Jan 13, 2012

NYT debate: what would it cost to end he-said-she-said journalism?

The New York Times has raised the issue of he-said-she-said journalism. It should be discussed here, too, but it's more complicated than media critics think.

Bernard Keane — Politics editor

Bernard Keane

Politics editor

The New York Times’ public editor caused an online storm overnight when he asked readers whether the paper should become a “truth vigilante”. Putting aside the loaded headline, Arthur Brisbane raised whether Times reporters should challenge facts asserted by people they are covering. He gave two examples — the first about Supreme Court justice Clarence Thomas claiming to have “misunderstood” his financial disclosure obligations, the second about Mitt Romney’s contention that Barack Obama has “apologised for America”, which he has never done.

Brisbane’s point was that op-ed columnists have the freedom to challenge such assertions, and that the Times has been running a sidebar to presidential nomination stories that fact-checks claims by candidates, but such analysis was not currently part of the straight reportage of the Times, and he wanted to know whether it should be.

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24 thoughts on “NYT debate: what would it cost to end he-said-she-said journalism?

  1. Filth Dimension

    [“I found myself blacklisted by a Coalition press adviser, with whom I’d hitherto had perfectly good relations, because I refused to run his shadow minister’s claim that Julia Gillard had made a particular statement without evidence. When he produced the “evidence”, it was nothing of the sort and I told him as much. This prompted him to declare that I was only a “Canberra blogger” anyway and that he wouldn’t deal with me any more. Touché.”]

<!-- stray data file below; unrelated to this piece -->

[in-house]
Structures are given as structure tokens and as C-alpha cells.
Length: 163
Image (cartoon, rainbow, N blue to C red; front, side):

This would be better “news” if Bernard provided some “evidence” that this actually happened.

  2. Edward James

    I have published my allegations and put evidence in front of many readers. The challenge is for people who present themselves in public as fair dinkum about working for honest open government to at least begin asking questions in public forums. About why so many of our elected representatives are perceived to be comfortable with the systemic corruption and abuse of power which surrounds their political activities? We see failed premier Nathan Rees popping up on TV with plenty to say now. But we have not forgotten his performance as Nathan (scurried like a rat) Rees for the way he bolted back to Premier Iemma, when Swansea citizens raised questions about he as Chief of staff knew about Milton (the horrible) Orkopulous. Nathan is another politician along with John Robertson John Hatzistergos and others who get a spray in one of my ads in the Peninsula News.
    I do not understand why when my local council has been accused by me in print of misleading the State Coroner during his investigation into the deaths of five people at Piles Creek. No one seems to care! Edward James

  3. Son of foro

    This whole dismal state of affairs can be summed up in two words: Patrick Lion.

  4. klewso

    Too much of the media (with it’s influence) has prioritised “advertorials/entertainment” over “news”, and the remnants chase the lead they set.

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